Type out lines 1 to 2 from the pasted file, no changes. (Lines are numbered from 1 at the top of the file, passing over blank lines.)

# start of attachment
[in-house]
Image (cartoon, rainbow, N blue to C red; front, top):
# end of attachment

[in-house]
Image (cartoon, rainbow, N blue to C red; front, top):